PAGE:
Sunday, June 3
Friday, June 21
Tuesday, June 18
Watching this past weekend's spectacle of still more police violence only made clearer my earlier sense--based upon what I saw with my own eyes during the first two weeks of protest and what I've been observing since then--that these are basically police riots inflicted upon peaceful protesters. Both within Gezi Park and since the dispersal of the occupiers last week, the protesters have, for the most part, gone out of their way to be non-violent.
Even non-Turkish speakers should check out the live feed of the action from Halk TV, which I provide here. Even if you can't understand the language, the visuals are really incredible, and give a good indication of who is behind the violence in Turkey.
|Saturday, June 15|
That low moan of relief you hear coming from Ankara is the sound of long-delayed satisfaction. Turkish PM Tayyip Erdoğan has been gritting his teeth for three weeks, thinking about what he should do to all of those free-love types taking over his future shopping center site. There was simply no way he was going to let those protesters stay much longer.
After announcing earlier today that the police would clear Gezi Park on Sunday, plans were changed and the cops entered the park in the early evening on Saturday, Turkish-time. Erdoğan's twenty-day itch has finally been scratched.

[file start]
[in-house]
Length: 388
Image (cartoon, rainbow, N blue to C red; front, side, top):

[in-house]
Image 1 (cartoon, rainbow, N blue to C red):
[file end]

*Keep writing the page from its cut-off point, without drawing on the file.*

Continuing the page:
Friday, June 14
I'm in Copenhagen this week attending a conference at the University of Copenhagen called "Growth: Critical Perspectives from Asia."
It's quite awesome, to tell you the truth, and I'll probably put up some photos from here pretty soon.
Monday, June 10
I'm heading off to Copenhagen tomorrow, so after meeting up for drinks at my office in the Urban bar, a friend and I decided to head over to Gezi Park again. After all, I'm heading off soon to the land of the Danes. Who knows what things will look like by the time I get back...
PM Erdogan continues to talk tough, and is due to hold big rallies in Ankara (Saturday) and Istanbul (Sunday) this upcoming weekend.
My guess is that sometime shortly after these rallies an attempt will be made to take back the park, perhaps even as early as next week.
It won't be easy. Gezi Park and Taksim have been transformed into an open-air bazaar, even more than is usually the case. The park is filled with thousands of people.
In addition to the usual occupy-type stuff we've all grown used to seeing--dispensaries, libraries, information centers, etc.--there's also an unmistakable Turkish flavor here. Taksim Square is filled with vendors selling food, drink, and Gezi-related souvenirs.
Saturday, June 8
Things remain relatively quiet in Istanbul, but not elsewhere.
Gezi Park continues to be filled with people, and there are no police to be seen anywhere in Taksim. At nine pm folks continue to bang their pots and pans as the Çapulcu phenomenon continues to grow. Occasionally walking the streets of Kadikoy or Taksim you encounter a group of students, or professors, or lawyers, or some other group participating in a march, shouting slogans.
For now, at least, lots of people seem to be having an incredibly fun time.
Thursday, June 6
Wednesday, June 5
Tuesday, June 4
Monday, June 3
Sunday, June 2